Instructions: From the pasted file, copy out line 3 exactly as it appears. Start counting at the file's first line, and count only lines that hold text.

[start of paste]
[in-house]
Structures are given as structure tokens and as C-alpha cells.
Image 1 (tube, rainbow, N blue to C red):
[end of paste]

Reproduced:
Image 1 (tube, rainbow, N blue to C red):